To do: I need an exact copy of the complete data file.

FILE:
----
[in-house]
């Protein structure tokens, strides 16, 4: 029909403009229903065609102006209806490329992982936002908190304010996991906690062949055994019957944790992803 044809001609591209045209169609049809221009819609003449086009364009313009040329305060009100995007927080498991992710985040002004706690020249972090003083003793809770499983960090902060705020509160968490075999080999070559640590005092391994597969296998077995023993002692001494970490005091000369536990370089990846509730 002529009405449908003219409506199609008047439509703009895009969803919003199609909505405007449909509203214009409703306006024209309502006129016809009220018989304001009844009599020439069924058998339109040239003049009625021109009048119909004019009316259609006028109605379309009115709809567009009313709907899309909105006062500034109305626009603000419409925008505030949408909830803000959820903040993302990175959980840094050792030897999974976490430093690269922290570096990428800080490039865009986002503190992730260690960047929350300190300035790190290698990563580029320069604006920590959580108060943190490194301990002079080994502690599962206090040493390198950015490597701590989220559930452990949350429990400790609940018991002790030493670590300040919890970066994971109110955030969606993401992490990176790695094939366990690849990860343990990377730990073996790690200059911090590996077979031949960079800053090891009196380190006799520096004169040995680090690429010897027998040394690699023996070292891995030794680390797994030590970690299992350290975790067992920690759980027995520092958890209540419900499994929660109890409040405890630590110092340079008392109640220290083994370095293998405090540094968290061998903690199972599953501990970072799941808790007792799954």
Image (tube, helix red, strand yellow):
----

[in-house]
């Protein structure tokens, strides 16, 4: 029909403009229903065609102006209806490329992982936002908190304010996991906690062949055994019957944790992803 044809001609591209045209169609049809221009819609003449086009364009313009040329305060009100995007927080498991992710985040002004706690020249972090003083003793809770499983960090902060705020509160968490075999080999070559640590005092391994597969296998077995023993002692001494970490005091000369536990370089990846509730 002529009405449908003219409506199609008047439509703009895009969803919003199609909505405007449909509203214009409703306006024209309502006129016809009220018989304001009844009599020439069924058998339109040239003049009625021109009048119909004019009316259609006028109605379309009115709809567009009313709907899309909105006062500034109305626009603000419409925008505030949408909830803000959820903040993302990175959980840094050792030897999974976490430093690269922290570096990428800080490039865009986002503190992730260690960047929350300190300035790190290698990563580029320069604006920590959580108060943190490194301990002079080994502690599962206090040493390198950015490597701590989220559930452990949350429990400790609940018991002790030493670590300040919890970066994971109110955030969606993401992490990176790695094939366990690849990860343990990377730990073996790690200059911090590996077979031949960079800053090891009196380190006799520096004169040995680090690429010897027998040394690699023996070292891995030794680390797994030590970690299992350290975790067992920690759980027995520092958890209540419900499994929660109890409040405890630590110092340079008392109640220290083994370095293998405090540094968290061998903690199972599953501990970072799941808790007792799954």
Image (tube, helix red, strand yellow):